For women, on any day and any occasion, tons of options are available! Who said that men don’t like diversity in their clothing and women do? Why is it considered effeminate for a man to like jewellery? And why would something ‘effeminate’ on a man be such a bad thing anyway?


Marketing outside of the box

We are all influenced by the buttloads of images and sounds we receive daily, that spread all the dumbest clichés. I look at what I make and keep wondering: ‘Is it too girly?’. And then I get pissed off at myself for falling into that trap again.

I have yet to find the delicate balance needed to try to make things that get out of those stupid constraints while also trying to sell them. It is not easy to reconcile your deepest convictions with… well, marketing.


In the end, I still finished my cufflinks. I made them in my own style and I’m happy with them. I am not one to be discouraged by ideas I despise, however prevalent they may be.

jewellery for men

Does this look girly to you? I don’t know anymore. I have decided to stop caring.


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100th blog post!

To celebrate my hundredth blog post, I will give you a quick tour of my favourite blogs. Warning: my selection is quite eclectic and there is nothing there about jewellery making… I don’t read any DIY or creation-oriented blogs. When I browse the internet, I am rather looking for other subjects for a change.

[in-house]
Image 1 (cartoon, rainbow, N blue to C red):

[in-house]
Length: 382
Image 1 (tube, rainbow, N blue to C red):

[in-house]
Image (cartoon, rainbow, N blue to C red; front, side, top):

100th blog post

Bouletcorp — Boulet is a French comic artist who’s been blogging for more than ten years, with great humour and drawing style.

Scandinavia and the world — Denmark, Norway and Sweden walk into a blog…

Letters of note — A collection of all sorts of historical, touching, funny, sometimes crazy letters.

The Oatmeal — Matthew Inman is some sort of comic artist alien with a very weird humour.

Crocodiles Project — A webcomic telling stories of everyday sexism and harassment.

Sarah’s scribbles — Delightfully funny webcomic by Sarah Andersen.

What the fuck France (Youtube channel) — Paul Taylor is English but lives in France. Many French things escape his understanding for three reasons.

What are your favourite blogs?